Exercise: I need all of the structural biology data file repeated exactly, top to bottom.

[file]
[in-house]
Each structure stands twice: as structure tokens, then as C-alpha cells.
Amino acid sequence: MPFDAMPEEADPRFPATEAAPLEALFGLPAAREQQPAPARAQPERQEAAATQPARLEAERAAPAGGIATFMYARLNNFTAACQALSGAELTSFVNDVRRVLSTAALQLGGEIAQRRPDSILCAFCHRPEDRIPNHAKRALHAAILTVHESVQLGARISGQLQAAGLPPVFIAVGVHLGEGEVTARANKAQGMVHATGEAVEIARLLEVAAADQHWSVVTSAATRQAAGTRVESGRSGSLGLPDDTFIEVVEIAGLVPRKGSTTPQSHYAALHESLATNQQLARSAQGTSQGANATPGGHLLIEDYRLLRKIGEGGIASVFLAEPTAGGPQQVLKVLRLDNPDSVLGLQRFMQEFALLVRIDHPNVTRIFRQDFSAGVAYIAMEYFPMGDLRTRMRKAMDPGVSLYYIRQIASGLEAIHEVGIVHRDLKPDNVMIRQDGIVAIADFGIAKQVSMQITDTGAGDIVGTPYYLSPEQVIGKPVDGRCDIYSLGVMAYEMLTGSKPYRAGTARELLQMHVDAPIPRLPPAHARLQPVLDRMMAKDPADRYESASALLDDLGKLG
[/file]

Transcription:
[in-house]
Each structure stands twice: as structure tokens, then as C-alpha cells.
Amino acid sequence: MPFDAMPEEADPRFPATEAAPLEALFGLPAAREQQPAPARAQPERQEAAATQPARLEAERAAPAGGIATFMYARLNNFTAACQALSGAELTSFVNDVRRVLSTAALQLGGEIAQRRPDSILCAFCHRPEDRIPNHAKRALHAAILTVHESVQLGARISGQLQAAGLPPVFIAVGVHLGEGEVTARANKAQGMVHATGEAVEIARLLEVAAADQHWSVVTSAATRQAAGTRVESGRSGSLGLPDDTFIEVVEIAGLVPRKGSTTPQSHYAALHESLATNQQLARSAQGTSQGANATPGGHLLIEDYRLLRKIGEGGIASVFLAEPTAGGPQQVLKVLRLDNPDSVLGLQRFMQEFALLVRIDHPNVTRIFRQDFSAGVAYIAMEYFPMGDLRTRMRKAMDPGVSLYYIRQIASGLEAIHEVGIVHRDLKPDNVMIRQDGIVAIADFGIAKQVSMQITDTGAGDIVGTPYYLSPEQVIGKPVDGRCDIYSLGVMAYEMLTGSKPYRAGTARELLQMHVDAPIPRLPPAHARLQPVLDRMMAKDPADRYESASALLDDLGKLG